Para athletes’ competition categories
ALL sporting events in the 9th Asean Para Games follow a system which ensures that winning is determined by athletes’ skill, fitness, power, endurance, tactical ability and mental focus. These same factors are also used in sporting events involving able-bodied athletes.
According to the International Paralympic Committee (IPC), the purpose of this classification is to “minimise the impact of impairment on the activity (sport discipline)”. Having an impairment is not sufficient as the impact of the impairment on the sport must be proven.
Classification is also sport-specific as an athlete’s impairment affects the ability to perform in different events to a different degree. In swimming, athletes are divided into several sport classes. World Para Swimming caters for three impairment groups – physivisual cal, and intellectual. The Asean Para Games follows this classification.
The Sport Class names in swimming includes a prefix that stands for the swimming strokes/styles, followed by a number. The prefix “S” represents freestyle, butterfly and backstroke while “SB” stands for breaststroke.
Sport Classes: S1 to S10, physical impairment
There are 10 different sport classes in this group. A lower number indicates a more severe activity limitation.
To evaluate the impact of impairments on swimming, classifiers assess all functional body structures using a point system and ask athletes to complete a water assessment prior to the Games.
The total number of points determines an athlete’s S and SB sport classes.
Swimmers in this sport class have a significant loss of muscle power or control in legs, arms and hands; some have limited trunk control. Usually wheelchair-bound.
Swimmers mainly rely on their arms for swimming; hand, trunk and leg function is limited.
Includes athletes with amputations of both arms and legs. Also includes those with reasonable arm strokes but no use of their legs or trunk, and swimmers with severe co-ordination problems in all limbs.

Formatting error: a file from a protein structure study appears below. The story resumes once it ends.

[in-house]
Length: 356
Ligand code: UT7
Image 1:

Swimmers who can use their arms and have fair function in their hands, but who cannot use their trunk or legs. Also includes athletes with amputations of three limbs.
Swimmers with short stature and an additional impairment, with loss of control over one side of their body or with paraplegia.
Includes swimmers with short stature or amputations of both arms, or moderate co-ordination problems on one side of their body, for example.
Swimmers with one leg and one arm amputation on opposite sides, or a paralysis of one arm and one leg on the same side. Those with full control over arms and trunk and some leg function can compete in this class, too. S8, SB7
Swimmers who have an amputation of one arm, as well as athletes with significant restrictions across hip,
knee and ankle joints. Malaysian swimmer Carmen Lim competes in this class. S9, SB8 Athletes swim with joint restrictions in one leg or with double below-theknee amputations. S10, SB9 This class describes minimal physical impairments of eligible swimmers. These include the loss of one hand or a movement restriction in one hip joint.
Sport Classes: S/SB11 to 13, visual impairment
S/SB11: These athletes have a very low visual acuity and/or no light perception.
S/SB12: Athletes have a higher visual acuity than athletes competing in the S/SB11 sport class and/or a visual field of less than 5˚ radius.
S/SB13: Athletes have the least severe visual impairment eligible for Paralympic sport. They have the highest visual acuity and/or a visual field of less than 20˚ radius. To ensure fair competition, athletes in the S/SB11 sport class are required to wear blackened goggles. For the S/ SB11 class, swimmers must use a tapper; swimmers in the S/SB12 and S/ SB13 sport classes may choose whether or not they wish to use one.
Sport Classes: S/SB14 intellectual impairment
Swimmers have an intellectual impairment. Athletes have difficulties with regards to pattern recognition, sequencing, and memory, or having a slower reaction time, which impact on sport performance in general.